Publication Type: Conference Paper/Unpublished Manuscript
Abstract: This study examined factors influencing 117 undergraduates’ ratings of the effects of anti-smoking TV PSAs on self, best friends, and “the average person in your age group.” Participants viewed 36 PSAs and rated each for perceived effects, valence, arousal, self-relevance, and subsequent message recognition. The study used a (2) Appeal Type (social/fear) X (2) Camera Changes (slow/fast) X (3) Information Introduced (low/medium/high) design. Sixty-one participants made Third Person (3P) (self less affected than others) and 56 participants made First Person (1P) judgments (self more affected than others). For both groups, perceived differences between effects significantly increased as the social distance of the “other” increased. Greater differences were found between the 1P and 3P groups’ ratings for effects on self than between their ratings for others. Valence, arousal, and self-relevance increased perceived effects of PSAs on self, although these functioned differently for social and fear appeals. Perceived effects on self and others and arousal were greater for fear appeals than for social appeals. Message recognition, however, was better for social appeals. In addition to appeal type, structural features of the PSAs—message pacing and complexity—influenced judgments. For slower paced messages, increasing message complexity (II) increased perceived effects on self and others, arousal, and recognition. Participants reported greater effects on self and others, arousal, and recognition for less complex fast-paced messages than for slower messages. However, as message complexity increased, ratings for these variables decreased. Implications for 3P and 1P judgments and suggestions for health campaign PSA message design are discussed.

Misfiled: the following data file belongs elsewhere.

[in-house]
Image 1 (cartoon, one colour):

2010 - NCA 96th Annual Convention Pages: unavailable || Words: 9018 words || 
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4. Spinda, John. "Perceptual Biases and Behavioral Effects Among NFL Fans: An Investigation of First-Person and Third-Person Effects" Paper presented at the annual meeting of the NCA 96th Annual Convention, Hilton San Francisco, San Francisco, CA, Nov 13, 2010 Online <APPLICATION/PDF>. 2019-09-15 <http://citation.allacademic.com/meta/p420594_index.html>
Publication Type: Conference Paper/Unpublished Manuscript
Review Method: Peer Reviewed
Abstract: This study explored first-person effects (FPE) and third-person effects (FPE) among an online sample of National Football League (NFL) fans (N = 646). The results of this study indicated that NFL fans projected both first-person and third-person perceptual biases on to groups of comparison others. Additionally, these perceptions, along with message desirability and NFL fan identification, were linked to behavioral effects in the form of basking in reflected glory (BIRGing) and cutting off reflected failure (CORFing).